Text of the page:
The familiar intersection feels so alien. The big screen outside flashes a new car model advertisement. I find it blinding for some reason.

“How old are you?”

Silver eyes look at me in the mirror. “How old are you?” She smiles.

I honestly couldn’t tell. By the way she spoke, she seems older. But her voice, her stature, her body; it says another. Maybe it’s just the night playing tricks with my mind. I remember a weather report forecasting a blood moon tonight. Full moon makes normal people feel crazy and crazy people feel crazier. Is this the effect of it?

The sudden pull of the engine snaps me back. She turns left to main road.

“You’re quite the asker, mister. I think you forget your position here. You just witnessed a gruesome murder.” Her eyes turn sharp in the reflection, and I turn the blurred window. There was fog forming on the corners. There’s no vehicles outside at this hour. A woman is walking with a red umbrella outside by the row of different car showrooms. She is alone.

I try to impose a long silence after that. I don’t like where the conversation is going. I don’t like where this whole trip is going. But her stare is piercing and ungodly; eyes of a sinner. Suddenly it doesn’t matter what she looks like. Maybe she really is older, and the longer this silence continues, longer I’d be kept here without a doubt. There’s no lights open in local orphanage, the asyIum behind it looming ever so constantly. “I’ve seen worse.”

I sneak a peek at her expression. She’s now trained on the road. I couldn’t see half her face on the mirror, and the dark makes it worse. “Really? Like what?” She’s so devoid of anything I couldn’t help but feel anger. Why is she prying anyway? What’s she got to do with my past? How could she say that without thinking how I’d feel? A thought passes my mind that maybe-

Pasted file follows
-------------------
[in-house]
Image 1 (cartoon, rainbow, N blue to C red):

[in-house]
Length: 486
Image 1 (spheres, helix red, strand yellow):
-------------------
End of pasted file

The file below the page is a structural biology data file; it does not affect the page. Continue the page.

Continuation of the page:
Then soon enough it just as quickly subsides into numbness. This is useless. I’m such an easy target.

“My house was robbed. I was robbed of my wife and daughter.”

My voice sounds detached, far removed from my being. I close my eyes. Bursts of blood on the floor. On the bed. The open drawers. The bodies of two twisted and contorted, like blasphemous art.

I open my eyes. I sold a house long ago.

“I see.” The way she dismisses the matter somewhat relieves me.

The car takes a familiar turn down a minor street, and I know we’re going to my house. I don’t say anything.

“I bet you had a beautiful house, once,” she comments.

“It’s not beautiful if it attracted flies.”

She giggles at the mirror. There must be something in poor countries that makes everything a twisted irony. I couldn’t help but smile either. We’re nearing my house.

The car stops in front of a run-down apartment. The skanky owner is still awake, her silhouette illuminated against the thin curtains by the shallow teledramas she watches.

I scoot over to the back of the driver’s seat to open the door, when I kick on a severed leg on the carpets, piled with all other body parts of its owner.

“Don’t worry, the stains won’t stick long. And make sure you scrub it with body soap so there’s no blacklight trace.”

I jump out of the car. The rain’s just a mere drizzle now. Sometimes I regret getting a shrink after the incident. Now I’m just dull and jaded, desensitized from everything.

“Don’t thank me.” Murderess foreigner girl smiles. “It’s not my car anyway.”

I glance wayside. “Okay.” Everything looks so unreal; the cab, the shrill voice, the innocence and violence, sitting on a bloodstained seat of another man’s car.

“I like you. You should call us sometime.” She looks down at my crotch. It feels extremely uncomfortable when a child looks at you down below. I slight my stance a bit, and she laughs.

“Goodbye, mister.”

I shut the door and the car rolls away.

I look down, brooding over the night’s events. I had no idea how she knew where I lived. Or how she seemingly knows about me. Maybe I’m being monitored. Maybe what I thought was right. Maybe she really was-

Then I notice a white corner poking out of my pocket, and pull it to reveal a blank card. A phone number scrawls itself in pencil on the surface, and nothing more. It seems like a phone number of another country, though I don’t know which.

The rain has stopped. Clouds swirl at the corners of the sky, and I know I’m at the eye of the storm. The sparkle of stars are dulled by the blood moon, dyeing everything like a special spotlight just for me. My watch ticks a quarter before one. It’s already tomorrow.

I still can’t get over the fact that I’m going to work only to get another 13 plant designs rejected.


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(Adventures in Spectrum Drive, #1)